I critically discuss two claims which Hannah Ginsborg makes on behalf of her account of meaning in terms of ‘primitive normativity’: first, that it avoids the sceptical regress articulated by Kripke's Wittgenstein; second, that it makes sense of the thought—central to Kripke's Wittgenstein—that ‘meaning is normative’, in a way which shows this thought not only to be immune from recent criticisms but also to undermine reductively naturalistic theories of content. In the course of the discussion, I consider and attempt to (...)
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  9. added 2019-06-06
    On Davidson’s Semantic Anti-Sceptical Argument.Byeong D. Lee - 2006 - Dialogue 45 (3):529-535.
  10. added 2019-06-06
    Some Remarks on McGinn and the Meaning Sceptic.Rupert Summefton - 1997 - Critica 29 (87):91-99.
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  11. added 2019-06-06
    Moore’s Paradox, Asserting and Skepticism.Katheryn Doran - 1995 - Southwest Philosophy Review 11 (1):41-48.
  12. added 2019-06-06
    Philosophical Skepticism and Ordinary-Language Analysis. [REVIEW]P. M. R. - 1982 - Review of Metaphysics 35 (4):914-916.
    Vander Veer's aim is to show that ordinary-language analysis is a failure. To show that something is a failure of course requires a discussion of what counts as success. Here the yardstick is the defeat of skepticism; and the book is a long argument that ordinary-language methods do not send the skeptic packing. Two questions naturally arise concerning this enterprise: First, is there really some common set of doctrines, procedures, problems, attitudes, or styles of argument which can be taken as (...)
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  13. added 2019-03-18
    On “biscopic” approach to the sceptical paradox. [].Francois-Igor Pris - 2015 - Философия И Социальные Науки (Philosophy and Social Sciences) 2:32-37.
  14. added 2019-03-09
    The Ordinary Language Argument Against Skepticism—Pragmatized.Sinan Dogramaci - 2019 - Philosophical Studies 176 (4):879-896.
    I develop a new version of the ordinary language response to skepticism. My version is based on premises about the practical functions served by our epistemic words. I end by exploring how my argument against skepticism is interestingly non-circular and philosophically valuable.
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  15. added 2019-02-22
    A Philosophy of the Essay: Scepticism, Experience, and Style.Erin S. Plunkett - 2018 - London, UK: Bloomsbury Academic.
    Erin Plunkett draws from both analytic and continental sources to argue for the philosophical relevance of style, making the case that the essay form is uniquely suited to address the sceptical problem. The authors examined here-Montaigne, Hume, the early German Romantics, Kierkegaard and Stanley Cavell-bring into relief the relationship between scepticism and ordinary life and situate the will to know within a broader frame of meaningful human activity. The formal features of the essay call attention to time, subjectivity, and language (...)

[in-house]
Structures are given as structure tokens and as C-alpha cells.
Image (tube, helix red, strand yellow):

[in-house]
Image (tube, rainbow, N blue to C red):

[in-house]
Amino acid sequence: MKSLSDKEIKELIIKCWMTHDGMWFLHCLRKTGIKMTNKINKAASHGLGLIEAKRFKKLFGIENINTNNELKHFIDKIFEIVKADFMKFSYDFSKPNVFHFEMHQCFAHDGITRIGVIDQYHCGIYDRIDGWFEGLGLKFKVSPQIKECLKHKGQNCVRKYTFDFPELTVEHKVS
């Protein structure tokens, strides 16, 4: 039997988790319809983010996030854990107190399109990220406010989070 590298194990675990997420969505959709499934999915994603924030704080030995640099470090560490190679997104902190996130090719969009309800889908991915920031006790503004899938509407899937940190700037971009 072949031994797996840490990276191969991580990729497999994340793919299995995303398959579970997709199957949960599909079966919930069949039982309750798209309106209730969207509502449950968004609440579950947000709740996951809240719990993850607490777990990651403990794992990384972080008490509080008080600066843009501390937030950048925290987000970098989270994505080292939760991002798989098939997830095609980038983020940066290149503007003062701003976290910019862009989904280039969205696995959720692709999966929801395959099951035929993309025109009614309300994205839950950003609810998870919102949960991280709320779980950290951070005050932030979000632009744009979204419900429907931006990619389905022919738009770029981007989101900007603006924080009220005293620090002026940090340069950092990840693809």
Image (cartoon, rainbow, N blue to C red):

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  16. added 2018-10-05
    Review of Avner Baz, The Crisis of Method in Contemporary Analytic Philosophy. [REVIEW]Nat Hansen - 2018 - Mind 128 (511):963-970.
    This is the second book by Baz that aims to show that a big chunk of contemporary philosophy is fundamentally misguided. His first book, When Words Are Called For: A Defense of Ordinary Language Philosophy (2012) adopted a therapeutic approach (in the Wittgensteinian style) to problems in contemporary epistemology, arguing that when properly thought through, the way philosophers talk about ‘knowing’ that something is the case ultimately does not make sense. Baz’s goal in his second book is less therapeutic and (...)
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  17. added 2018-09-12
    Paradigm-Case Argument.Keith S. Donnellan - 1967 - In Paul Edwards (ed.), The Encyclopedia of Philosophy. New York: Macmillan. pp. 103-116.
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  18. added 2018-09-06
    What Do Philosophers Do? Scepticism and the Practice of Philosophy, by Penelope Maddy. [REVIEW]Brian Weatherson - 2019 - Mind 128 (509):269-271.
    Review of _ What do Philosophers do? Scepticism and the Practice of Philosophy _, by Penelope Maddy.
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  19. added 2018-06-25
    Gesticulation as the Integration of Body and Mind-a Semantics of Nodding.Daihyun Chung - manuscript
    Human mind and human body have been separated from each other as belonging to familiar different categories. But what if we are supposed to admit a category of bodily posture? This is a paper to advance a thesis that mental content in bodily posture is a basis to integrate mind and body. First, what is the basis to claim that there is such a thing as a bodily posture? We humans all communicate each other not only through an ordinary language (...)